27th Conference on Hurricanes and Tropical Meteorology


Tropical Cyclone Simulation Using a Solution-Adaptive Grid Model


Thomas Dunn, University of Hawaii, Honolulu, HI; and B. Wang

The Operational Multiscale Environment model with Grid Adaptivity (OMEGA) is a fully nonhydrostatic numerical weather prediction model that is based on an adaptive, unstructured triangular prism grid. The model's grid is unstructured in the horizontal dimension and structured in the vertical dimension and may be configured as either a limited area or global domain. The horizontal grid resolution can be adapted to static features (e.g., underlying terrain gradients, coastal boundaries) or to the evolving weather (e.g., typhoon circulation). This capability permits the addition of grid elements at any point in space or time, facilitating a continuously varying horizontal resolution that is naturally scale-spanning.

During the 2005 typhoon season, three storms, Haiting, Talim, and Longwang, made landfall on Taiwan at nearly the same location on the eastern side of the island. Haiting and Longwang were sampled during two Dropsonde Observations for Typhoon Surveillance near the TAiwan Region (DOTSTAR) surveillance missions in which dropwindsondes were released around the periphery of each storm at two intervals 24 hours apart. Early observations suggest that Typhoon Haiting's convection decreased markedly between the two observation times, resulting in decreased intensity. Typhoon Longwang appeared to have completed an eyewall replacement between observation times, also resulting in decreased intensity. Nonetheless, both storms impacted Taiwan with heavy wind and rain with Haiting displaying short-term changes in track due to terrain interaction.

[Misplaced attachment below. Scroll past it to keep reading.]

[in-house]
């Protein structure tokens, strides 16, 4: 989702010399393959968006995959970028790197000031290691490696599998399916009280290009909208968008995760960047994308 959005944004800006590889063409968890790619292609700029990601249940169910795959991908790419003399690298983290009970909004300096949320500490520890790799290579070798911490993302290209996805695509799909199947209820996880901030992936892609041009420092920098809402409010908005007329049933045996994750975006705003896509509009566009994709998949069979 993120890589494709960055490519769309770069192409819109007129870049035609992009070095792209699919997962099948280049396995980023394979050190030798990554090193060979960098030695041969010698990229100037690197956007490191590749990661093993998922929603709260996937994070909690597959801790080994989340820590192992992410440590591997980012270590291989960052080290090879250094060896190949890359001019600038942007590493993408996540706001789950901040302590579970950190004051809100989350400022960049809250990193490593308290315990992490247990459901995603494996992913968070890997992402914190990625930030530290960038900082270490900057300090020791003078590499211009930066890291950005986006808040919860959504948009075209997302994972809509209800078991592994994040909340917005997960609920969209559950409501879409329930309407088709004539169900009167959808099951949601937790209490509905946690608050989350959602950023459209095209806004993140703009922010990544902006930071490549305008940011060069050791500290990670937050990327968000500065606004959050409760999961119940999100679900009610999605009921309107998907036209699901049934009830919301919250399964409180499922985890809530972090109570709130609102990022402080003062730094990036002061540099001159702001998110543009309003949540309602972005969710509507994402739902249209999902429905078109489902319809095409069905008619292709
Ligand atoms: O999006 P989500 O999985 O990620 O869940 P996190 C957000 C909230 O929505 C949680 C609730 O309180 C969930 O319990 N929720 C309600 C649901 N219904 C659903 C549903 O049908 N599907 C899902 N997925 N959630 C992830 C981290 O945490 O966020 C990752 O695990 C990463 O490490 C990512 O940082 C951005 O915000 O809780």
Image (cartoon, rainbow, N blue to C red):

OMEGA simulation results will be presented for these storms, highlighting the impact of DOTSTAR data and adaptive grid configurations on track, wind, and rainfall.

Session 16A, Tropical Cyclone Prediction VIII - Model Sensitivity
Friday, 28 April 2006, 10:30 AM-12:30 PM, Regency Grand BR 4-6

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